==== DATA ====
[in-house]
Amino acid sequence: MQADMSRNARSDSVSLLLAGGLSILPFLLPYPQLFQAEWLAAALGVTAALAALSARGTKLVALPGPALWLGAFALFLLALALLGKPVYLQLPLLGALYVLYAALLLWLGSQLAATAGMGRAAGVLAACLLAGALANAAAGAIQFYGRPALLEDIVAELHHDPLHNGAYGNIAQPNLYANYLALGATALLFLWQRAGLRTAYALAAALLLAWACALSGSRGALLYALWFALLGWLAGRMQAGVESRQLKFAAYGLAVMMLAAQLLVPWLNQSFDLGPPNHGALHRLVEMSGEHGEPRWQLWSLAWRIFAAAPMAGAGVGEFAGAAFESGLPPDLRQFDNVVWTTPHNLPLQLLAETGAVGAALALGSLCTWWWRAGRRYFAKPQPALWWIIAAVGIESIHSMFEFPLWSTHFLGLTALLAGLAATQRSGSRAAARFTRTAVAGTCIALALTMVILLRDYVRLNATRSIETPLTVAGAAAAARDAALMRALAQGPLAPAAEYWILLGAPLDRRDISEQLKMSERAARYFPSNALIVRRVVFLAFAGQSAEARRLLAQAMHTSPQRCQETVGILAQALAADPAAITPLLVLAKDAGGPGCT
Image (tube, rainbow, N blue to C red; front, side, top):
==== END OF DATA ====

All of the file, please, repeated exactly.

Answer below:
[in-house]
Amino acid sequence: MQADMSRNARSDSVSLLLAGGLSILPFLLPYPQLFQAEWLAAALGVTAALAALSARGTKLVALPGPALWLGAFALFLLALALLGKPVYLQLPLLGALYVLYAALLLWLGSQLAATAGMGRAAGVLAACLLAGALANAAAGAIQFYGRPALLEDIVAELHHDPLHNGAYGNIAQPNLYANYLALGATALLFLWQRAGLRTAYALAAALLLAWACALSGSRGALLYALWFALLGWLAGRMQAGVESRQLKFAAYGLAVMMLAAQLLVPWLNQSFDLGPPNHGALHRLVEMSGEHGEPRWQLWSLAWRIFAAAPMAGAGVGEFAGAAFESGLPPDLRQFDNVVWTTPHNLPLQLLAETGAVGAALALGSLCTWWWRAGRRYFAKPQPALWWIIAAVGIESIHSMFEFPLWSTHFLGLTALLAGLAATQRSGSRAAARFTRTAVAGTCIALALTMVILLRDYVRLNATRSIETPLTVAGAAAAARDAALMRALAQGPLAPAAEYWILLGAPLDRRDISEQLKMSERAARYFPSNALIVRRVVFLAFAGQSAEARRLLAQAMHTSPQRCQETVGILAQALAADPAAITPLLVLAKDAGGPGCT
Image (tube, rainbow, N blue to C red; front, side, top):